The Texas Rangers are not only losing games.
During their 12-game losing streak, the Rangers have completed 105 consecutive innings without even being in the lead.
“It’s the toughest situation I’ve ever been a part of, and I know a lot of these guys can honestly say the same thing,” Texas manager Chris Woodward said.
The 105-inning stretch is the longest in franchise history the Rangers have gone without starting a new inning ahead on the scoreboard. It is the longest such streak in the majors in more than a half-century.
While losing all 10 games in their three-city trip coming out of the All-Star break, the Rangers trailed at the end of 76 of 86 innings played and they were tied the other 10. Texas had also lost at home in its last two games before the break.
Texas (35-65) is 30 games below .500 in the first 100 games of a season for only the third time in franchise history.
The Rangers are back home Tuesday night to start a two-game interleague series against Arizona. The Diamondbacks, with an MLB-worst 31-70 record, and Baltimore are the only teams with fewer wins than the Rangers.
Texas is on pace for its first 100-loss season since 1973.
Right after Woodward and infielder Brock Holt were ejected in the fifth inning Sunday at Houston for disputing balls and strikes, the Rangers took a 1-0 lead when Eli White hit a solo homer. It was the first time they were ahead at any point in a game since going up 2-0 in the first inning against Oakland on July 10, the day their losing streak began with an 11-inning loss.
The Astros went ahead to stay with a two-run homer in the bottom half of the inning and won 3-1, but White’s homer officially ended the Rangers streak of not leading at 99 innings. Elias Sports Bureau, the official statistician of Major League Baseball, counts a lead as happening at any point during an inning. That means Texas was also credited with a lead in the second inning July 10 before the A’s scored twice to tie that game.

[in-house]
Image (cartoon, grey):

During their 12-game skid, the Rangers have hit just .153 with a .247 slugging percentage and have been outscored 80-20. That is even worse than the 1963 New York Mets in a 12-game losing streak, when they hit .166 and got outscored by 50 runs. Texas pitchers have a 7.13 ERA while allowing 30 homers in that span.
The only longer losing streak in Rangers history was 15 in a row in September 1972, with Ted Williams as their manager in the franchise’s first season in Texas after moving from Washington.
“It’s a tough challenge, but you’ve got to take it head on. You can’t shy away from it,” Woodward said. “These guys have got to get a little bit of an edge to them. Great players, great competitors have an edge, they refuse to be beat, they refuse to give in. … A lot of guys individually, and as a group, we’ve got to find that right now.”
After Texas sluggers Joey Gallo and Adolis Garcia both played in the All-Star Game, and veteran right-hander Kyle Gibson threw a scoreless inning in the American League’s victory, the Rangers exited the break with a 10-2 loss against Toronto while getting their only runs in the ninth inning.
Texas was outscored 43-3 and shut out three times in its first five games after the All-Star break. The Rangers lost 14-0 in a series opener at Detroit, the day after getting shut out in consecutive seven-inning games of a doubleheader against the Blue Jays.
Gibson and Gallo, who could potentially be traded before Friday’s deadline, have struggled since the break as has rookie Garcia and pretty much everybody else on the team.
Gallo is hitting .067 (2 for 30) since the break, while striking out 16 times and walking only twice. He still leads the majors with 74 free passes, and his 124 strikeouts rank third. Garcia is batting .125, with all four of his hits being singles. Gibson, whose first loss came in his final start before the break, is 0-2 with an 8.18 ERA in his two starts since, including eight walks over six innings Saturday in Houston.
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